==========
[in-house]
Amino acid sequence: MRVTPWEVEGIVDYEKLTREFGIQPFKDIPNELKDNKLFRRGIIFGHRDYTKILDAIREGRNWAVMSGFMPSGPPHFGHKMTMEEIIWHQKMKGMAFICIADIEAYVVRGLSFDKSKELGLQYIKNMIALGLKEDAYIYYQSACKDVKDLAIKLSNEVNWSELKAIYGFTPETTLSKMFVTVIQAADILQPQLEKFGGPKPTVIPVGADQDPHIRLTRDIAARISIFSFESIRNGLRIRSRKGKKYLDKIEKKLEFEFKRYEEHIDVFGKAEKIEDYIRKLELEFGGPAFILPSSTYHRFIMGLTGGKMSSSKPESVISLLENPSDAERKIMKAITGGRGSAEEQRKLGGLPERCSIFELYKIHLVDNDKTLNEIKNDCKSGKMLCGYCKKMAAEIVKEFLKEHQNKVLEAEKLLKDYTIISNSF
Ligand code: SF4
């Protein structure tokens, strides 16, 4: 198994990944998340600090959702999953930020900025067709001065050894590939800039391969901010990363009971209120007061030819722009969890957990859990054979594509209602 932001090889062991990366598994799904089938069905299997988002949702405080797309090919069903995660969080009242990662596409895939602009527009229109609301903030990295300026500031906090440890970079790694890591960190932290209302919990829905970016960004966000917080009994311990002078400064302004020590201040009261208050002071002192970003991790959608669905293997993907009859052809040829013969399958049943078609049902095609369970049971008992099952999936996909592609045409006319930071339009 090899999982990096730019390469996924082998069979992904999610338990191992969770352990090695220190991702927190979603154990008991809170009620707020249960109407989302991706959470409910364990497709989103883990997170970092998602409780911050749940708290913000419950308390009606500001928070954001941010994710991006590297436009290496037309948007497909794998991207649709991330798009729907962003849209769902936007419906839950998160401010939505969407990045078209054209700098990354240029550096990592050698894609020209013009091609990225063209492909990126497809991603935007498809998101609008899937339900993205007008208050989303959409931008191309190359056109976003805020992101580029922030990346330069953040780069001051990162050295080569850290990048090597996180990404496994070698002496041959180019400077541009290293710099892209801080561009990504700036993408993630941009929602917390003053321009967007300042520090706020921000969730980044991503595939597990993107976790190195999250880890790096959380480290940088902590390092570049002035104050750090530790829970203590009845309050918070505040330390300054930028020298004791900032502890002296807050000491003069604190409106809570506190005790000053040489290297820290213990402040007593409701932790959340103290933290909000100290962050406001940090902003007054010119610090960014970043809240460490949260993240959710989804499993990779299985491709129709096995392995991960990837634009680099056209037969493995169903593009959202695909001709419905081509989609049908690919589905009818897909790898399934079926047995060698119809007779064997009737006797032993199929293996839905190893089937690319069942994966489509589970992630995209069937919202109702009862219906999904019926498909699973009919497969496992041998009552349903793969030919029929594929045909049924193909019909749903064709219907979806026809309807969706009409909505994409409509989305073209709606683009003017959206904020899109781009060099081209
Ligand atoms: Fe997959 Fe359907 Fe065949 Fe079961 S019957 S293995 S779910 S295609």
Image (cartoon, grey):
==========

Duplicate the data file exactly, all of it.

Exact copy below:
[in-house]
Amino acid sequence: MRVTPWEVEGIVDYEKLTREFGIQPFKDIPNELKDNKLFRRGIIFGHRDYTKILDAIREGRNWAVMSGFMPSGPPHFGHKMTMEEIIWHQKMKGMAFICIADIEAYVVRGLSFDKSKELGLQYIKNMIALGLKEDAYIYYQSACKDVKDLAIKLSNEVNWSELKAIYGFTPETTLSKMFVTVIQAADILQPQLEKFGGPKPTVIPVGADQDPHIRLTRDIAARISIFSFESIRNGLRIRSRKGKKYLDKIEKKLEFEFKRYEEHIDVFGKAEKIEDYIRKLELEFGGPAFILPSSTYHRFIMGLTGGKMSSSKPESVISLLENPSDAERKIMKAITGGRGSAEEQRKLGGLPERCSIFELYKIHLVDNDKTLNEIKNDCKSGKMLCGYCKKMAAEIVKEFLKEHQNKVLEAEKLLKDYTIISNSF
Ligand code: SF4
């Protein structure tokens, strides 16, 4: 198994990944998340600090959702999953930020900025067709001065050894590939800039391969901010990363009971209120007061030819722009969890957990859990054979594509209602 932001090889062991990366598994799904089938069905299997988002949702405080797309090919069903995660969080009242990662596409895939602009527009229109609301903030990295300026500031906090440890970079790694890591960190932290209302919990829905970016960004966000917080009994311990002078400064302004020590201040009261208050002071002192970003991790959608669905293997993907009859052809040829013969399958049943078609049902095609369970049971008992099952999936996909592609045409006319930071339009 090899999982990096730019390469996924082998069979992904999610338990191992969770352990090695220190991702927190979603154990008991809170009620707020249960109407989302991706959470409910364990497709989103883990997170970092998602409780911050749940708290913000419950308390009606500001928070954001941010994710991006590297436009290496037309948007497909794998991207649709991330798009729907962003849209769902936007419906839950998160401010939505969407990045078209054209700098990354240029550096990592050698894609020209013009091609990225063209492909990126497809991603935007498809998101609008899937339900993205007008208050989303959409931008191309190359056109976003805020992101580029922030990346330069953040780069001051990162050295080569850290990048090597996180990404496994070698002496041959180019400077541009290293710099892209801080561009990504700036993408993630941009929602917390003053321009967007300042520090706020921000969730980044991503595939597990993107976790190195999250880890790096959380480290940088902590390092570049002035104050750090530790829970203590009845309050918070505040330390300054930028020298004791900032502890002296807050000491003069604190409106809570506190005790000053040489290297820290213990402040007593409701932790959340103290933290909000100290962050406001940090902003007054010119610090960014970043809240460490949260993240959710989804499993990779299985491709129709096995392995991960990837634009680099056209037969493995169903593009959202695909001709419905081509989609049908690919589905009818897909790898399934079926047995060698119809007779064997009737006797032993199929293996839905190893089937690319069942994966489509589970992630995209069937919202109702009862219906999904019926498909699973009919497969496992041998009552349903793969030919029929594929045909049924193909019909749903064709219907979806026809309807969706009409909505994409409509989305073209709606683009003017959206904020899109781009060099081209
Ligand atoms: Fe997959 Fe359907 Fe065949 Fe079961 S019957 S293995 S779910 S295609």
Image (cartoon, grey):